COPYRIGHT FOR ILLUSTRATION BELONGS TO RICHARD T. BISTRONG.
At my sentencing hearing, Judge Richard Leon stated that he had no doubt that I had been ultimately deterred, and added "Have you made a turn in the road for the better? There is no question about that either. But I have to be concerned about others, others out there right now who are aware of this case, who are aware of other cases in this arena and who may think they can pull conduct of a similar nature or maybe even more egregious than that you engaged in, they need to understand, they need to be concerned that if they are caught, and even if they cooperate, they are going to do jail time because in this arena, that is the ultimate deterrence.”
-Judge Richard Leon, US District Court, Washington DC, at the Sentencing Hearing of Richard Bistrong, July 31, 2012.
Like bribery, there is no shortage of writing on the subject of deterrence, but what I fail to see is any perspective from those, like myself, who have ultimately been deterred by incarceration. So instead of waiting, I will share my own views on this subject. But first, in the context of the FCPA, what is the goal of deterrence? I will share Professor Andy Spalding’s view in the FCPA Blog
as, “we want to deter the defendant from repeated bribes (specific deterrence), and put other companies on notice so that they will bribe less (general deterrence).” So, from the viewpoint of an individual who was sentenced and incarcerated, does it work?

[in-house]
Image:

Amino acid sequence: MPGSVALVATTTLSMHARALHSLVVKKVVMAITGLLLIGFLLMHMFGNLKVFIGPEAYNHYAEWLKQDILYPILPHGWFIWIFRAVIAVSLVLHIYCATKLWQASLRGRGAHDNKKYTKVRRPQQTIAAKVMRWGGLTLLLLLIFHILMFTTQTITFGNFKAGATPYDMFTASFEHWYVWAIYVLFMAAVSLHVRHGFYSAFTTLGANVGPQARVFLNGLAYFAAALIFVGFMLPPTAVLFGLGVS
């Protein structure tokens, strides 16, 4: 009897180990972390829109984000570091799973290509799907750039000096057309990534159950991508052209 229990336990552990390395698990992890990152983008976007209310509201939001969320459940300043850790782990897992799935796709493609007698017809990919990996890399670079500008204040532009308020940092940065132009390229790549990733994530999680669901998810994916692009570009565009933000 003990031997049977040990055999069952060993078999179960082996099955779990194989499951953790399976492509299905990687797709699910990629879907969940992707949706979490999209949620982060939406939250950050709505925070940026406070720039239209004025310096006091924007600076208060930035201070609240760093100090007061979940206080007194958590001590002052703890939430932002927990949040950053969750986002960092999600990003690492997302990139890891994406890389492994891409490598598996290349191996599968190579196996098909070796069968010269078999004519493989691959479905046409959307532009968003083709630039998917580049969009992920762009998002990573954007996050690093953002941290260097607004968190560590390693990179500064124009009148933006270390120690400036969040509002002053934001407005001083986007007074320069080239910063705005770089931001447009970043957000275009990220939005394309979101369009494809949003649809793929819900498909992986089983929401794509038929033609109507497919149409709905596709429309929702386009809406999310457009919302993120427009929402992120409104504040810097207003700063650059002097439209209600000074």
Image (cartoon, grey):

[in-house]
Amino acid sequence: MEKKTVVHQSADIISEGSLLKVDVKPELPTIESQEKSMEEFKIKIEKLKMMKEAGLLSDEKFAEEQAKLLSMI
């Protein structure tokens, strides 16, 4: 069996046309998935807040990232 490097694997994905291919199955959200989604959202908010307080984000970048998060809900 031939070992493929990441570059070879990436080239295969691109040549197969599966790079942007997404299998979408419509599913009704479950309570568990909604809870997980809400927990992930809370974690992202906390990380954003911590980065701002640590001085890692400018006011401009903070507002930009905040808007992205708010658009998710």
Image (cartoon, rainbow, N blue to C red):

I think there are a number of components to that question as I share my own experience. First, could I have been deterred during the time of my illegal conduct: no. Second, does my own experience as representing the personal consequences of crime help to deter others: not sure.
Back to Professor Spalding, who in Part Two
of his series on deterrence defines the decision making process and theory as:
“based on utility calculations. A would-be bribe payor weighs the utility of paying a bribe against the disutility of punishment. And how does he assess that disutility? As the theory goes, he considers three variables: the likelihood of being caught, the severity of the punishment, and its swiftness. He weighs those three factors against all he stands to gain from the bribe and makes a rational decision. “
You had me at the “likelihood of being caught.”